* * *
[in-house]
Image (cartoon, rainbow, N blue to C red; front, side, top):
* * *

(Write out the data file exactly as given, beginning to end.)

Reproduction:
[in-house]
Image (cartoon, rainbow, N blue to C red; front, side, top):